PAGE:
K Shyam Kumar’s intricate dotted drawings, years in the making, are on display with his sculptures after 15 years
K Shyam Kumar’s drawings command the viewer’s undivided attention. Each painting is exquisitely detailed, a continuum of lines and dots that forge into forts, pyramid-like structures and humanesque faces. Part of a pen and ink series titled The Steps for Mukhti, the drawings are on show at an exhibition, My Planet, at the Varija Art Gallery in DakshinaChitra.
The show features 15 drawings and 25 sculptures in bronze and granite. These drawings, which are on layered and textured surfaces, are part of his works from the 2000s.
The Chennai-based artist and sculptor, who prefers to work in seclusion, has not had a solo show in 20 years. “I take at least four months to six on a painting,” he says, of his long-drawn out creative process. Shutting off from the noise of the world, Shyam often withdraws into his own, consumed by the work. “It all begins with the dot,” he says of the drawings, which contain thousands of dots each. “It demands utmost patience and for me, it is a meditative process.”
One of Shyam Kumar’s dotted drawings | Photo Credit: special arrangement
Shyam, who holds a post-graduate diploma in Sculpture from the Government College of Arts and Crafts, Chennai, began his art practice as early as 1979. He says he is intrigued by the infinity of the cosmos, its darkness and the void.Critics regard his works a blend of mysticism, fantasy and science fiction. One of his earliest works, a terracotta sculpture that he made as a student, was an elongated figurine, resembling Steven Spielberg’s E.T, which drew mixed responses at the time.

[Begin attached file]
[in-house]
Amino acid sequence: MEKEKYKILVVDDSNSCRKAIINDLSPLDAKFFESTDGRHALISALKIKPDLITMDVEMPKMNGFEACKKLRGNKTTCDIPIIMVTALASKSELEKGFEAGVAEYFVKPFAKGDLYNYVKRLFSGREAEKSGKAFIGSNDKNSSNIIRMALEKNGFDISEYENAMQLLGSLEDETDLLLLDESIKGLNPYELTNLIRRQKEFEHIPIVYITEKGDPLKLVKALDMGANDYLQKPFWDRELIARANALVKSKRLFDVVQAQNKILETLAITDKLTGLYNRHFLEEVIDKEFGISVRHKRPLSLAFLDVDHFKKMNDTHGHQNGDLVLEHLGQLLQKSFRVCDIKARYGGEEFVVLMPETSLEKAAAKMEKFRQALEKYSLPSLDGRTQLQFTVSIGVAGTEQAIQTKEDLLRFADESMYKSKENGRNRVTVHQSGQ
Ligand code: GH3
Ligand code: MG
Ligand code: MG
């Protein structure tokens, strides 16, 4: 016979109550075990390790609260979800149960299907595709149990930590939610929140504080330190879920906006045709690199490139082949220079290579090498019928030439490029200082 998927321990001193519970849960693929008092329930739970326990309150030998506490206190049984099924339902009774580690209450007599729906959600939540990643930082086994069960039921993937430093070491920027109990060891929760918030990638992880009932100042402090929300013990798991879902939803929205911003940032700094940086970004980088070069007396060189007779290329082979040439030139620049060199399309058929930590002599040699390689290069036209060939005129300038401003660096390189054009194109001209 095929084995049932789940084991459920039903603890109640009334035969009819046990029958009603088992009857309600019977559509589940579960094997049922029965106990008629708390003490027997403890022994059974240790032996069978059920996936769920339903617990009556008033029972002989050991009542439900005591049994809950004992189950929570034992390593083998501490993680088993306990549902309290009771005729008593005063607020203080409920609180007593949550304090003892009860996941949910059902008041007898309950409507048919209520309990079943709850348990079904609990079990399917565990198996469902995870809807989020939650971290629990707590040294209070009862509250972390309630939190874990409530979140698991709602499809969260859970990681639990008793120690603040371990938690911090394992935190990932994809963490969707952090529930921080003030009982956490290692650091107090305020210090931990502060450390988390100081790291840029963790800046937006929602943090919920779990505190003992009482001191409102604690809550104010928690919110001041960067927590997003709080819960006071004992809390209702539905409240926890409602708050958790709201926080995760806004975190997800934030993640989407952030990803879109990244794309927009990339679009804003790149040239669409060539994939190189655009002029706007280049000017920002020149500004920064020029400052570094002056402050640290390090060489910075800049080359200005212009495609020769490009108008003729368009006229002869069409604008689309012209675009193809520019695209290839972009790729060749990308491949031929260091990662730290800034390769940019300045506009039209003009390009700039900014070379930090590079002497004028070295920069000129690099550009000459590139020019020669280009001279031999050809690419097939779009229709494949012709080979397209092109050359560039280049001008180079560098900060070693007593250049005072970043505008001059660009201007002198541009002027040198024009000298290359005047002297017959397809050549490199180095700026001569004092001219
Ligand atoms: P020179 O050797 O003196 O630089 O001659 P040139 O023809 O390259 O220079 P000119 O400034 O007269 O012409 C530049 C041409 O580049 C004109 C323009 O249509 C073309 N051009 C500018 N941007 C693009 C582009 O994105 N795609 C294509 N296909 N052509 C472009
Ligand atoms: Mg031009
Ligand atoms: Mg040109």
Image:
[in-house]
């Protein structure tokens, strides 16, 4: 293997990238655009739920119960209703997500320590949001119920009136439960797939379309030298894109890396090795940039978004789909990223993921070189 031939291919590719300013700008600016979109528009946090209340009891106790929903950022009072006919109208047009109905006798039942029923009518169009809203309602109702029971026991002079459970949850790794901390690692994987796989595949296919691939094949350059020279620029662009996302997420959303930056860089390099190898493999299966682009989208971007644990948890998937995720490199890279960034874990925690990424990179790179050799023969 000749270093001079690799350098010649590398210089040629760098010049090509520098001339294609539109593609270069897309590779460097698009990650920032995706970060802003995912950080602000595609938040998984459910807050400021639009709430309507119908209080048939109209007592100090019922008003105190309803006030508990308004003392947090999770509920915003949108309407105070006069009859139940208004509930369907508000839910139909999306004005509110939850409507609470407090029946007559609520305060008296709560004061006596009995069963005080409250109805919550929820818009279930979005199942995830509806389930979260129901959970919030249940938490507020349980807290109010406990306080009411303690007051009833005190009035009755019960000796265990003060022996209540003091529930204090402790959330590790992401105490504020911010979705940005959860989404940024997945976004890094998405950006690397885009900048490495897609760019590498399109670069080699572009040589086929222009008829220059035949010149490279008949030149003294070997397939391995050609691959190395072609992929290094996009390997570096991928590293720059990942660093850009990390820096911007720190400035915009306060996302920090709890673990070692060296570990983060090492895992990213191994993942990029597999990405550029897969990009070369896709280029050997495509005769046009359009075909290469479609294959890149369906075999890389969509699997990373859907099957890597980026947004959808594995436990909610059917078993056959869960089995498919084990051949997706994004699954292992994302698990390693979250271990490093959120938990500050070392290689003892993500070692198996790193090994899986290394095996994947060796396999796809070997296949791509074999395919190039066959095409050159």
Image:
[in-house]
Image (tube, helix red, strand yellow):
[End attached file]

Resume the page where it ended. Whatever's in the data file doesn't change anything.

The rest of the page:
A stone sculpture | Photo Credit: special arrangement
Though Shyam works with stone and bronze for his sculptures, terracotta is his enduring passion. He has just completed an eight-foot-tall terracotta sculpture at Dakshinachitra, which is waiting to be fired.
At the show, while the granite sculptures seem to be in a meditative trance, eyes closed, the bronze ones have their eyes open. “If you notice, none of the sculptures have ears,” says Shyam, adding they are representative of his own self in isolation, refusing to let in the clatter of the world.
On view till February 10 at DakshinaChitra Museum, Muttukadu.
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